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Old 11-14-2012, 03:00 PM   #11
Darwin18
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@Mogwai

I'm an environmental scientist for ARCADIS in North Carolina but also worked in New York for a few years. My work is primarily managing sites with soil and groundwater remediation from petroleum and solvent releases.

There is really no nice way to say this, but a degree in environmental science (whether it's a masters or an undergraduate) isn't going to get you very fair in private industry. To really advance in this industry you need a means to obtain a Professional Geologist (PG) or Professional Engineer (PE) license. Many states are either at or moving towards making this license a requirement for sealing reports to state and federal environmental agencies for review.

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Old 11-14-2012, 03:13 PM   #12
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I disagree. I'm a fisheries biologist for URS. While having a PG or PE will definitely help, depending on his focus and background, it's not necessary. I think the best thing he can do is find a company to intern at. Work experience is always very valuable, more so than any registration.


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@Mogwai

I'm an environmental scientist for ARCADIS in North Carolina but also worked in New York for a few years. My work is primarily managing sites with soil and groundwater remediation from petroleum and solvent releases.

There is really no nice way to say this, but a degree in environmental science (whether it's a masters or an undergraduate) isn't going to get you very fair in private industry. To really advance in this industry you need a means to obtain a Professional Geologist (PG) or Professional Engineer (PE) license. Many states are either at or moving towards making this license a requirement for sealing reports to state and federal environmental agencies for review.
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Old 11-14-2012, 03:23 PM   #13
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Thank you all for the great suggestions and replies. Luckily I have a few more months to decide on a research topic, but I'll start looking soon to see what is out there.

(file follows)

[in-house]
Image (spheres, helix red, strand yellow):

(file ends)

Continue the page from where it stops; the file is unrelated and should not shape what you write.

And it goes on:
I think I'll drop alternative energy and instead focus on either remediation or sustainability issues.

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Old 11-14-2012, 03:25 PM   #14
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I disagree. I'm a fisheries biologist for URS. While having a PG or PE will definitely help, depending on his focus and background, it's not necessary. I think the best thing he can do is find a company to intern at. Work experience is always very valuable, more so than any registration.
A degree in environmental science (I have my undergrad in biology) will qualify him for certain (entry to mid-level) positions in the industry, but it will not particularly help him with one of his fields of interest (remediation). Yes, internships and work experience are helpful, but a PE or a PG stamp will open a whole bunch of doors for him in the future. There is only so far you can go without the engineering or geology background, at least with remediation.

Also, having been through a layoff at my last company, the company chose to keep their PE's and PG's and no issues getting rid of all the entry to mid-level staff. Those who had EITs or GITs were kept on or offered relocation opportunities. I was told off the record that management in the company knew that they could always hire more environmental science/biology grads when their business rebounded.

My recommendation Mogwai is to find out what the requirements to sit for either exam are in the state you want to work in (if they even require it) and take a few engineering or geology classes to meet their requirements. Working full-time and taking engineering classes is no fun, believe me that's my life right now.
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Old 11-14-2012, 04:20 PM   #15
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Wouldn't collecting rainwater from house roofs do damage to the local environment? Seems like it shoudl be going back into the ground...
Collected rain water would be going back into the ground, if it is used to water lawns and gardens, which would be my intended purpose. The local environment would benefit from having less runoff ending up downstream and less use of our drinking water supply for lawns, gardens, or whatever else that collected water is used for.
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